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Efforts to “Combat Misinformation” Can Lead to Greater Problems

One cannot watch much media these days without seeing a pundit from an elite journalistic or academic institution claim that this or that is “misinformation” or “disinformation.”

Claims of misinformation and disinformation have blown up over the past five years.  While such claims appear to have the noble goal of spreading only factual information, do they really do so?

Let’s get these definitions straight. Misinformation refers to the spread of false or inaccurate information (whether or not it was intentional), while disinformation refers to intentionally false or misleading information used to deceive or manipulate.

Pundits argue that misinformation and disinformation undermine the pursuit of truth, erode public trust in institutions, and hamper informed decision-making among a “vulnerable” population that needs to be protected. Pundits paint pictures of severe consequences, including people failing to heed public health advice during a pandemic, the polarization of society, and the erosion of democracy.

But the pundits’ calls to deal with misinformation seldom mention their agreed-upon solution, which is censorship.

Censorship is the restriction and prohibition of free speech, which is dangerous for democracy. It is so dangerous that the United States’ Founding Fathers made freedom of speech (and freedom of religion, the press and assembly) the First Amendment of the Constitution, to guarantee the right of free speech. Governments are expressly prohibited from censorship by the Constitution.  Censorship is illegal — Unconstitutional — although the pundits never tell you that.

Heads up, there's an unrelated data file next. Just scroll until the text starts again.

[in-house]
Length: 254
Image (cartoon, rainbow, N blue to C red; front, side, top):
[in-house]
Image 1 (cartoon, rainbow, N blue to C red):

The Founding Fathers saw first-hand that power concentrated in the hands of a few individuals led to tyranny.  That is why they separated the government’s powers into three branches of government that provided checks and balances on each other.  Congress, the Courts and the Executive branch would each apply a brake to the other branches if they overstepped their authority.

It is crucial to recognize that the claim of “combating misinformation” has been weaponized to maintain control and suppress dissent.

The tendency in society is for power to accumulate and for the power holders to consolidate their power. These power holders may use government itself as a tool to control information to maintain and increase their power.

When they do so we see propaganda used to control people, manipulate narratives, suppress dissent, or silence opposition voices under the guise of “combating misinformation.”

While some people cast the effort to combat misinformation as simply condescending and paternalistic, it should be made crystal clear that it is illegal. Government officials who conspire to censor the public are committing a crime and should face those they censored in a court of law.  Official censorship needs to be called out as the illegal activity it is.  Censorship and democracy cannot coexist.

A very important lawsuit (Missouri v. Biden) brought by the Attorneys General of Missouri and Louisiana against the federal government has brought government censorship into the open.[1]  It was revealed that the government did not only censor incorrect information.  It also censored information that was entirely accurate but which the government did not want the public to see.

On July 4, 2023, Judge Terry Doughty issued a preliminary injunction in the case above, prohibiting federal agencies from communicating with social media companies for the purpose of censorship.  He wrote:

“Specifically, the agencies and their staff members are prohibited from meeting or contacting by phone, email, text message or “engaging in any communication of any kind with social-media companies urging, encouraging, pressuring, or inducing in any manner for removal, deletion, suppression, or reduction of content containing protected free speech,” per the injunction.”[2]

“Opposition to COVID-19 vaccines; opposition to COVID-19 masking and lockdowns; opposition to the lab-leak theory of COVID-19 [sic]; opposition to the validity of the 2020 election; opposition to President Biden’s policies; statements that the Hunter Biden laptop story was true; and opposition to policies of the government officials in power. All were suppressed,” Doughty wrote.[3]

We do not need to ‘control democracy’ but instead we need ‘more democracy’ – to let speech and information be more open. To come up with the best and fairest direction for society, we need the full diversity of opinions and voices to be represented in open debate, to let honest discussion flow among citizens, and let the best arguments win.




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